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How Water Companies Harm Your Water--and You--in the Name of "Treating"It
By Brian Cronin, Director of AquaMD

(AquaMD is the water testing division of the American Water Council, a nationally respected provider of water education & testing services.)

Most people know that clean water plays a pivotal role in maintaining good health. But do you know what water companies do to the water that comes out of your tap and enters your system when you shower, cook, clean and brush your teeth?

Most water companies pump your water from lakes, rivers and wells. The larger ones attempt to treat the water or strip out the environmental contamination that occurs every day. They often make decisions knowing that certain treatment processes may pose health risks. 

The ABCs of Water Treatment
Water providers use a variety of treatment processes to remove or neutralize unwanted contaminants commonly found in the water supply. The most common of these processes are filtration, flocculation and disinfection. 

Though many water treatment facilities use filtration to remove remaining particles from the water supply, these 'filters' are not what you might think. The process in most public systems involves millions of gallons of water passing through pits containing layers of gravel, sand and charcoal, similar to the way in which a private well relies on rock and soil to screen out some larger organic material and other potentially harmful contaminants. It is a fact that some organic material, natural particles and bacteria do get through the filtration process.

This process involves adding chemicals, such as alum, iron salts or synthetic organic polymers into the water to promote this coagulation. Aluminum salts have been used for centuries and alum (also known as potassium aluminum sulfate) has been used in the United States for commercial water treatment for over 100 years. These chemicals cause small particles in the water to bind together into larger clumps so they can be removed.  The downside is that these added chemicals can stay in the water and pass through the treatment system into your drinking water.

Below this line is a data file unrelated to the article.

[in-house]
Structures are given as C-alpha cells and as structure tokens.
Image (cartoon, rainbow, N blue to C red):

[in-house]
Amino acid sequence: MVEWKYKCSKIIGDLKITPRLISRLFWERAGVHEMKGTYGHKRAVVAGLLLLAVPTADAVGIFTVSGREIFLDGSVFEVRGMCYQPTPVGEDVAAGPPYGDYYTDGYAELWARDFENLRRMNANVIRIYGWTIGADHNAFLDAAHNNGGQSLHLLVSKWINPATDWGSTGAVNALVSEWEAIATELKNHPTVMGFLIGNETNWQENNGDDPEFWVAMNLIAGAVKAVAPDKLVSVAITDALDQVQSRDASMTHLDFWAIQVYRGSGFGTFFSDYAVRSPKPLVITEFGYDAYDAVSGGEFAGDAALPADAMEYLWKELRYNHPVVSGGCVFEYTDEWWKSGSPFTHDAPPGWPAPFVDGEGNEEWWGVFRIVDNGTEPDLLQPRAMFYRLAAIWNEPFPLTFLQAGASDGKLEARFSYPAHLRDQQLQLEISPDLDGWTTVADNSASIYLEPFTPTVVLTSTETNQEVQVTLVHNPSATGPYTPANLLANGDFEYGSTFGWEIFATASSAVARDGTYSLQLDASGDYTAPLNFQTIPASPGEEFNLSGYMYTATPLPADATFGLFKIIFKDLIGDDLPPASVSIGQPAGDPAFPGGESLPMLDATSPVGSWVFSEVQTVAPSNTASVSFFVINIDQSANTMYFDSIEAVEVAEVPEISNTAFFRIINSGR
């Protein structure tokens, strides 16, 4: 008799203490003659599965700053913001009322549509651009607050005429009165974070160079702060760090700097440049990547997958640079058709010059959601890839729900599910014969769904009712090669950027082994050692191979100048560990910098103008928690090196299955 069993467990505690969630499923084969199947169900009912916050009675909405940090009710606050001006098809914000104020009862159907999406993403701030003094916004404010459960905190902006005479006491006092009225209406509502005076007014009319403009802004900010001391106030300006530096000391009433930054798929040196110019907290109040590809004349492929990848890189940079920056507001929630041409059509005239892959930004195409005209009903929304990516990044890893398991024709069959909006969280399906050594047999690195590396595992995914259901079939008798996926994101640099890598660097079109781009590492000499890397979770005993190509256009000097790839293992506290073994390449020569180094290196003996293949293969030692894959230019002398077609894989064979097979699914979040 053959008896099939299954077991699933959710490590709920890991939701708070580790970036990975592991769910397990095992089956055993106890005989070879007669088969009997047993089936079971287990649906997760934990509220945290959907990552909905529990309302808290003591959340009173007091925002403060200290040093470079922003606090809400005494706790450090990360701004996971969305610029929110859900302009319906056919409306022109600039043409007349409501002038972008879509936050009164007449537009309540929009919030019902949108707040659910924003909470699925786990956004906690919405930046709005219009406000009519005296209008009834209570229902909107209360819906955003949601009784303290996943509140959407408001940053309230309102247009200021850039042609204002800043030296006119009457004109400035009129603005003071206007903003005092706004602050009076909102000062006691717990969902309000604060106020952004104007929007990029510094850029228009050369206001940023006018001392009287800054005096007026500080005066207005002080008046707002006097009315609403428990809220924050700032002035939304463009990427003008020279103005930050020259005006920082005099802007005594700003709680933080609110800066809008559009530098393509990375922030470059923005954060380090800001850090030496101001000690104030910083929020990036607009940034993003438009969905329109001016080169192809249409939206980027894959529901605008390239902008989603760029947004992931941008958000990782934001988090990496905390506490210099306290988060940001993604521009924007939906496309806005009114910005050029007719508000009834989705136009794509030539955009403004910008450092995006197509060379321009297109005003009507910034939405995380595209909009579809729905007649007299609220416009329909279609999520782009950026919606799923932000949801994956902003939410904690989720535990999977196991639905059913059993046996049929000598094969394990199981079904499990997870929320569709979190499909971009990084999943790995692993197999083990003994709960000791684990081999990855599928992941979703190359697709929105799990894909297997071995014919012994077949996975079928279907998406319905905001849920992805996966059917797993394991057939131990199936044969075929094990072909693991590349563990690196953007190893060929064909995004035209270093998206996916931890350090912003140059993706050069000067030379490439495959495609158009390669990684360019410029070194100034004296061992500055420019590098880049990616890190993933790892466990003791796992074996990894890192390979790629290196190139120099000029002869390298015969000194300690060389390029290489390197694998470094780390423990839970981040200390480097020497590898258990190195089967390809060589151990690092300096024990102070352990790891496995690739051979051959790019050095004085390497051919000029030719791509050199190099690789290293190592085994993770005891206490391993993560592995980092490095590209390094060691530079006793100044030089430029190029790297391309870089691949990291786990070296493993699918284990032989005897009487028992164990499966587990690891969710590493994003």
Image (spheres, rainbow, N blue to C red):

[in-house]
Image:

A number of reputable medical experts, including Dr. Joseph Mercola, have explained the link between aluminum and Alzheimer's disease. Aluminum compounds enter the body primarily by ingestion of food, and water; both inhalation and dermal exposure can contribute to the total body burden. Despite the risks, Alum is the coagulant preferred by many water utilities because of its history, effectiveness, availability and cost. 

Many utilities add fluoride to drinking water. Because aluminum forms strong soluble complexes with fluoride, utilities that utilize both flocculation and fluoridation must be careful to choose the point of fluoride application to avoid increasing soluble aluminum levels, ... which are toxic! 

Finally, public water is usually disinfected before it reaches the distribution system to kill dangerous microorganisms. Chemicals like chlorine are often used because they are cheap; they are effective disinfectants; and they remain in the water throughout the distribution system and into the home. Unfortunately, the use of these chemicals causes dangerous disinfection byproducts, or DBPs, which we'll talk about a little later.

After all this water is treated, it is pumped through a system of underground mains and pipes to your home. These pipe systems are often very old and are upgraded only when major breaks occur. In addition, many home pipes consist of copper, iron or PVC pipes that are assembled and connected using lead-based joint compounds. If the pH level in the water is too low, the water will leach copper, iron, lead and other materials found in pipe materials as it enters your home's water supply. 

As the water flows toward your home, the chlorine and disinfection chemicals in the water interact with organic matter and natural particles that passed thru the water company's filters. The combination of the two causes dangerous DBPs, such as trihalomethanes (TTHMs).

The Darkside of Public Water Treatment
Some of these DBPs have been proven to be carcinogenic and many health experts believe that they could be the most serious health threat found in our public water supply. Long-term exposure to DBPs may increase the risk of cancer or result in other health problems, including liver, nervous system and reproductive issues. 

As the vast majority of the U.S. population continues to receive and consume disinfected or chlorinated drinking water, we can assume that Americans are consuming disinfection byproducts every day, the number of related cancer cases could be substantial.

How Can You Protect Yourself?
Never assume that someone else will take care of your water. Your family's health is not worth the gamble. Whether you receive your water from a well or public supply system, we strongly urge you to test your own home's drinking water each year.  If a problem is found, you can select the right treatment option to protect you.

Note to Private Well Owners: Although your water isn't treated by a water company, you are relying soley on rocks and dirt to keep your drinking water safe. In light of the tons of chemicals pumped into the environment each year, it's no wonder that even the EPA, Center for Disease Control and every federal, state and local health department in the country strongly urge annual well water testing.

Be sure to never drink unfiltered tap water.